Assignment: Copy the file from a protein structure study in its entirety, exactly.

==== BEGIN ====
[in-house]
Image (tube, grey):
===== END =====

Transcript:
[in-house]
Image (tube, grey):